Kath: Amanda you have just finished book no. 2 how exciting – can you tell me what this one is about – is it a follow on or completely different? there is so much more you could have included in this book – so I am really interested to see where you go next.

Amanda:
I think readers will find it to be a natural second book, though it is quite different from the first. It’s definitely more of a ‘craft’ book than The Creative Family, which is really a parenting book. The second book is full of craft projects for the family home, all with a focus on re-purposing. There’s some ‘lifestyle’ writing in there, as well as lots and lots of photography. I’m still in the process of working on that book, so it will be released in 2009.

Kath: Your blog has an enormous following these days – congratulations – there is obviously a lot of people out there attracted to your lifestyle choices and really interested in knowing more, and your writing style is so friendly and personal it really does get people interested. Do you find it overwhelming having so many readers commenting on your daily everyday life – on the state of your curtains and your children’s gorgeous creativity? your blog has come a long way since the early days when you started it as a homeschooling (unschooling) document? is that why you started it? and has it ever been a chore to keep it going? I know that you have said it has been an invaluable tool in honing your writing skills – do you ever feel it gets in the way of family life and creativity?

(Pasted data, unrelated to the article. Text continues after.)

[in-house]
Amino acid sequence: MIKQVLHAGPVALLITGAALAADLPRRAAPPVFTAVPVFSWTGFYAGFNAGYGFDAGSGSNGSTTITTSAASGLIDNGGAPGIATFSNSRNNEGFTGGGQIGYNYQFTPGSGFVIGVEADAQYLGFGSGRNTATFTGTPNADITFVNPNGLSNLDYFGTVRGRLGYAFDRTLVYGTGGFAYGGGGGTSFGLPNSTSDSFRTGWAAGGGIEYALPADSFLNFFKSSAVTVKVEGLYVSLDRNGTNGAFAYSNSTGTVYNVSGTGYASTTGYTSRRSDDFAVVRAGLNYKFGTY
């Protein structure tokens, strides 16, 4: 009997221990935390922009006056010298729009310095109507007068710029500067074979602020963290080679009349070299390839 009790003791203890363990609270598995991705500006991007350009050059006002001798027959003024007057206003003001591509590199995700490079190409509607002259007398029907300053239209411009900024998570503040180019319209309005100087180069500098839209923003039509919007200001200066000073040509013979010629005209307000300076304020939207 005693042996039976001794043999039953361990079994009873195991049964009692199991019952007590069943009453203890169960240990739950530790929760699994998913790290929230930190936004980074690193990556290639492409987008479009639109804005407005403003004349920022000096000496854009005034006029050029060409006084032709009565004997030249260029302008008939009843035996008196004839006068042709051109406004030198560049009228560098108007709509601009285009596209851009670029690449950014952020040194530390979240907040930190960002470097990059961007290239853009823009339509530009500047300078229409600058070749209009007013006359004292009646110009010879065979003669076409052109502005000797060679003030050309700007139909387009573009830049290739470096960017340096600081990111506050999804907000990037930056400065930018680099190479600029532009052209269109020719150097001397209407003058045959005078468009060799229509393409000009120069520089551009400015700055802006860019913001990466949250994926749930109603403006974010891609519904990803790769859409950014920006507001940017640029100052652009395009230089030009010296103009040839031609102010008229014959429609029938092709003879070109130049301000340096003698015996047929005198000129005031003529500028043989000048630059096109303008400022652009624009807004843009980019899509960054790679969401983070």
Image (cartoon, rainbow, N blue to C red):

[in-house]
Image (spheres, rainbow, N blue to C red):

Amanda: Oh, thank you! Yes, it has grown quite a bit. I did start it to keep in touch with people, to record our days, and to have a ‘reason’ to write. It continues to be all of those things, and of course, many more now. In general, the number of readers doesn’t overwhelm me – I’m quite honored that so many people spend a few minutes of their day reading it. I don’t really pay attention to the stats much – none of that has ever had much importance in blogging for me.

Blogging fits rather nicely into my day – the time that it takes has found a place in my day that works – often at night when my babes are sleeping. Sometimes, though, I’ll start a few posts in one sitting, so it’s not even everyday that I’m doing the actual writing. When it begins to feel like a chore or I feel uninspired, then I know it’s time to do something different – a photo project, different kinds of posts, a guest blog, etc.

For me the challenges to blogging are a small few: Negative feedback never feels good, though it has become easier to let go of with time and frequency. And the biggest challenge I feel is wanting to have more time to respond to the lovely emails and comments I get each day. Truly – those words from readers are so meaningful to me, and I always wish I had more time to say ‘thank you’ individually.